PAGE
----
I am working on JIRA ticket TRUNK-5328 (https://issues.openmrs.org/browse/TRUNK-5328), which is currently needing assessment. This task will likely affect many parts of the system, so assessment is important before I continue to move forward. Would anyone be able to move this ticket into “ready for work” after assessing it?
Actually adding the fields is not complex, and doesn’t have particular dependencies.
However I am not familiar with the standard way to store geolocations. Can someone please give some reference or confirmation that this is the correct way to represent things? (I.e. is latitude + longitude + altitude + accuracy the standard set of fields?)
How you chose to store the values really boils down to what you intend to use them for, if you’re just storing them and retrieving them for display purposes and may be do basic computations where precision is not so important you can store them as floats since a precision of 5-6 decimal places would be sufficient, but if you intend to do any computations where it’s important to preserve exact precision then they need to be stored as BigDecimal in java and Decimal in the database, these are recommendations from the java and mysql datatype documentation.
I don’t seem to understand the role of the accuracy field, does it mean we want implementations to define the precision i.e the number of decimal places to store? Or for the person that recorded the value to define the level of accuracy attained when capturing the location.
This page explains how to determine the level of precision for each field in the latitude and longitude values.
When you take a GPS location you also have some sense of how accurate it is (in meters, I think, based on how many GPS satellites you can reach). On your phone you see this as having your location drawn as a larger or smaller circle. (See also https://stackoverflow.com/a/12655119)
So “accuracy” would store that value, not the precision in decimal places.
Currently we have
longitude as varchar(50). While we could try to turn these into more appropriate datatypes, I would suggest we leave these as-is until someone cares to do the real research and work to make any changes there.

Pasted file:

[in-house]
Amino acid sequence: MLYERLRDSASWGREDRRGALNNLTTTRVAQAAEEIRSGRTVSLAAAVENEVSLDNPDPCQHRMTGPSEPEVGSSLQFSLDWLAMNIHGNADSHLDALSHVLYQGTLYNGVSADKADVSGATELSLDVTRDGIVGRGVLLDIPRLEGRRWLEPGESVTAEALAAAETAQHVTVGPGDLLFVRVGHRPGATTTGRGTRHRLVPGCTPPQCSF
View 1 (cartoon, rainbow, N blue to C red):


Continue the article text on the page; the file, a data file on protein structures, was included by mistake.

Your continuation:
accuracy are the other two fields we should be storing, I guess they could both be floats (number of meters).
(But again, I would like someone who actually knows about this domain, and has used geo data to comment before we proceed with anything…)
Here’s my take on the outstanding questions:
- Are Latitude, Longitude, Altitude and Accuracy the only items that need to be stored to accurately store a patient’s location?
- Are there any other GIS variables to consider?
- What data types should each of these fields be in the database and what type of precision should be used? (string vs. float)
- In your experience, is there any need to translate a string of degrees (Lat: 38’53’55N, Long: 77’2’16W)to a decimal (Lat: 38.898556, Long: -77.037852)?
- Are there common ways of grouping each of these fields for export to GIS services?
I’m not a GIS expert, but I have seen people arguing against use of floating point numbers, saying different languages & databases have different methods of parsing floating point numbers, so values might change based on context. Instead, they suggest approaches like geohash.
If using decimals, I’d assume 5 or 6 digits. Four digits is ~11 meters, which is probably sufficient for most applications, but could be more sensitive to rounding side effects in calculations.
I’d defer to someone with more GIS expertise, but would recommend we follow a standard like ISO-6709.
Just a little googling on the subject makes it clear that we’d benefit from some input from people with real GIS expertise.